Improv Nation: How We Made a Great American Art

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$18.99  $17.66
Harper Perennial
Publish Date
5.2 X 7.9 X 1.4 inches | 0.8 pounds

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About the Author
SAM WASSON is the author of five books, including the best-selling Fosse and Fifth Avenue, 5 A.M. At Wesleyan University he joined the Desperate Measures improv troupe, cofounded its annual twenty-four-hour show, and earned limited admiration for his parody of Virginia Woolf.
"With Saturday Night Live looming ever larger in the pop culture landscape, it's time for a history of improv comedy. Wasson delivers, moving nimbly from improv's origins in 1950s Chicago to movies like Caddyshack and TV shows like The Colbert Report." --Entertainment Weekly

"A compelling, absolutely unputdownable story . . . And, in case you're wondering, yes, the book is funny. In places, very funny. A remarkable story, magnificently told." --Booklist

"Improv Nation masterfully tells a new history of American comedy . . . Wasson masters the art of the monograph by locating a sharp argument within a sweeping, messy, compelling history . . . Wasson's dizzying style drives the point home. Though he jumps around, he never gives a player short shrift, and his conversational tone captivates. The book's focus tightens as its narrative strands converge, but it maintains a loose unpredictability throughout. It holds the element of surprise -- true to the spirit of its subject. Grade: A-" --Entertainment Weekly

"Sam Wasson's Improv Nation examines one of the most important stories in American popular culture . . . Wasson may be the first author to explain [improv's] entire history in comprehensive detail. For that reason alone, it's a valuable book, benefiting from dogged reporting and the kind of sweeping arguments that get your attention."--New York Times Book Review

"[A] winning history of the subject . . . [Wasson] makes fine use of improv as a prism for understanding the development of American comedy, and it's a pleasure to encounter his acute characterizations." --Wall Street Journal

"In his studious but breezy book, Improv Nation: How We Made a Great American Art, author Sam Wasson tracks the relatively young craft of creating humor in the same time it took Neil Simon to sharpen a pencil, making readers feel like they're sweating on stage with its quick-witted practitioners. Like the best of his subjects, which include Stephen Colbert, Bill Murray and Tina Fey, Wasson has perfect timing . . . Wasson has assembled a loving tribute to one of entertainment's most daunting challenges, with lots of laughs to boot."--Minneapolis Star-Tribune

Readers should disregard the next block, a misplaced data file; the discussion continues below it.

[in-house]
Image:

"A fast-paced, thoroughly engaging road map of how improv -- that rapid-fire art of entirely unscripted performance -- came to infiltrate and shape the American pop-culture landscape . . . A whirlwind of quick, sharp anecdotes, never lingering too long yet still giving the reader a full sense of the people and the history shaping improv into what it is today." --Seattle Times

"Wasson makes a thoroughly entertaining case that improvisational comedy has 'replaced jazz as America's most popular art' and represents the best of democracy . . . Wasson brilliantly weaves together the disparate strands of improv's first decade . . . [and] nicely foreshadows future events and collaborations and does an admirable job of making simultaneous events easy to follow . . . In the spirit of an improv performer, Wasson takes care to never let the stars take over the show."--Publishers Weekly, (starred review)

"Wasson, author of the stellar biography Fosse (2013), brings his spellbinding prose style to this history of improvisational comedy . . . There's a natural flow to the author's writing--a conversational tone and a way of capturing our interest that transforms what could have been a dry recitation of people, places, and facts into a compelling, absolutely unputdownable story . . . And, in case you're wondering, yes, the book is funny. In places, very funny. A remarkable story, magnificently told."--Booklist, (starred review)

"A refreshing look at the ways in which comedians, artists, writers, and actors started getting involved in improvisation . . . An entertaining book, recommended for aspiring comedians who want to historicize their practice."--Kirkus

"The perfect gift for extreme comedy nerds and students of the craft."--HelloGiggles

"Engaging . . . An exuberant read. Wasson's zesty writing conveys the transcendental thrill of on-the-fly soul-baring, of seeking of ever-deeper authenticity."--Newsday